“I hope when the time comes they give me my just do,” said Rice, a grandfather now. “You can’t find anyone that got a job in government from me.
“I didn’t come here for my friends or to get the money,” he added.
As a senator, Rice – the leading statewide voice on decriminalization of marijuana and expungement, housing and police reform – founded and led the Legislative Black Caucus and fearlessly fought the Democratic power structure of Trenton and never become one of its obsequious enablers. He clashed openly with the South Jersey Democratic Party machine and its northern enablers and allies. The black caucus contributed those specific elements of the marijuana legalization legislation, without which there would be next to no social justice component.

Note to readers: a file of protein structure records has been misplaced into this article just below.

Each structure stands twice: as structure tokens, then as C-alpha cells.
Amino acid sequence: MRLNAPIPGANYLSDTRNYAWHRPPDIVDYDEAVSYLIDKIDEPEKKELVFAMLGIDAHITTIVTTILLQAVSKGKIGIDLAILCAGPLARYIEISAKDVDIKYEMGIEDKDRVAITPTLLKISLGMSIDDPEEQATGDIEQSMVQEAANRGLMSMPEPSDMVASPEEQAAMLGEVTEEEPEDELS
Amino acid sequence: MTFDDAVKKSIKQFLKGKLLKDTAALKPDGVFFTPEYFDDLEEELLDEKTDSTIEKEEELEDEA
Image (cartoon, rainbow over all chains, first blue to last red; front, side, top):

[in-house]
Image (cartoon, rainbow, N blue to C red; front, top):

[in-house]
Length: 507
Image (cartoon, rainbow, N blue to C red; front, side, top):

“This is political warfare,” Rice told InsiderNJ in 2019. “The black migration is one of the most important pieces of our history. And it’s hard to express that to a generation on social media that doesn’t know how to reach out and touch real things. You have to touch. What’s hurting us is back then [in the 1960’s], there was always a national leadership voice for black people, and as part of that you had people like Jesse Jackson, Dr. King, and Malcolm. But we don’t have a national voice anymore and we haven’t prepared one, and that hurts us. The national voice helped build the soldiers and leadership at the state levels so that when someone like Dr. King came, he would have lieutenants and ground troops keyed into the now.
“We don’t have a state leader,” he lamented, . “I try as best as I can to represent that to some degree in